As an empath focuses solely on their pain, trauma, and the destruction of their lives, they become self-obsessed and fail to see where the damage is coming from. Instead of looking outwards and seeing what is causing it, the empath will turn everything inward and blame themselves.

An empath at this stage must realise the situation they are in and wake up to it, as anyone who is deeply in pain and has been hurt can then become a narcissist themselves as they turn their focus onto their own pain and look for others to make them feel okay again.

Any attempt to communicate authentically with the narcissist will be futile as they will certainly not be looking to soothe and heal anyone else. Not only this, they are extremely charismatic and manipulative and have a powerful way of turning everything away from themselves and onto others. A narcissist will blame their own pain on an empath, plus they will also make sure the empath feels responsible for the pain they too are suffering.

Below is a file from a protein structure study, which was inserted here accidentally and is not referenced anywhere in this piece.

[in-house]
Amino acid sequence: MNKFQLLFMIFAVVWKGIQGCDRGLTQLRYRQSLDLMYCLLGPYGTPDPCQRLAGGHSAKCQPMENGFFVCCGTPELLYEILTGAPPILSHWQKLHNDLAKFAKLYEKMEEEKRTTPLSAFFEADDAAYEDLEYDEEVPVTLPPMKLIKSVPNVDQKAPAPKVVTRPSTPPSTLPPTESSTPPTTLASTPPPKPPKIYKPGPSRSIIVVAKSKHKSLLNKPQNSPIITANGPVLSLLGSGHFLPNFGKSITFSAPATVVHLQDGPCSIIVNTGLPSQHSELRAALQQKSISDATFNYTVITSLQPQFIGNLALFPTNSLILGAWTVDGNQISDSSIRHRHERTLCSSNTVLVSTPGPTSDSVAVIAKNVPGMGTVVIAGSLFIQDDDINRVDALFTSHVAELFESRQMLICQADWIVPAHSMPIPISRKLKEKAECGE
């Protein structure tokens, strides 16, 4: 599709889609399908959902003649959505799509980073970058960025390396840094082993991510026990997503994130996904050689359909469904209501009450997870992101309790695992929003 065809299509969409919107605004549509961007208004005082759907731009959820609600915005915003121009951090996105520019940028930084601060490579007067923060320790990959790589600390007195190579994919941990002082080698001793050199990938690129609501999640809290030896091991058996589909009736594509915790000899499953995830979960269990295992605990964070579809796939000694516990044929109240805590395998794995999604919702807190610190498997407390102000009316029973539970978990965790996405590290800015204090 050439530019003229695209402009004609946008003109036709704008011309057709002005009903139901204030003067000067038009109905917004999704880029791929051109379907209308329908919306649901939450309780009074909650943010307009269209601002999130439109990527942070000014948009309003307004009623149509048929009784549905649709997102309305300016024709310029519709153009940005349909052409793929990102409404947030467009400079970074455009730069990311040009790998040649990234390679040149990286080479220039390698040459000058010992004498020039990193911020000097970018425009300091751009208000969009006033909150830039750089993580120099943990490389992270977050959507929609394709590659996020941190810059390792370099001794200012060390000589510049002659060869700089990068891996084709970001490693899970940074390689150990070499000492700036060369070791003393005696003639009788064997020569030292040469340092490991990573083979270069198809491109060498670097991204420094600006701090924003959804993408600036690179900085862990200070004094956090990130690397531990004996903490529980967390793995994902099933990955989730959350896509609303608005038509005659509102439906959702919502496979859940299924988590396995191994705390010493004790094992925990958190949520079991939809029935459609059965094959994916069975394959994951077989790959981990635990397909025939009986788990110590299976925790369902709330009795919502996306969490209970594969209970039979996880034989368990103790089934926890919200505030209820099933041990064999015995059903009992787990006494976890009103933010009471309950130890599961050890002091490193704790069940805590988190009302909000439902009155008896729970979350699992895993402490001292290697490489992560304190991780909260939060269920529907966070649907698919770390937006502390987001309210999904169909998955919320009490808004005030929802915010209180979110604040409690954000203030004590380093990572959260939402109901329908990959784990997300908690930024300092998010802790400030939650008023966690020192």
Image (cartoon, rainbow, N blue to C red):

An empath will know that they are in a destructive relationship by this stage and will feel so insecure, unloved and unworthy that it can be easy to blame all of their destruction on the narcissist.

However, an empath should not be looking to blame anyone else. An empath has a choice: to remain the victim, a pawn in the narcissists game or to garner all strength they can muster and find a way out.

Emotionally exhausted, lost, depleted, and debilitated an empath will struggle to understand what has happened to the once loving, attentive, and charismatic person they were once attracted to.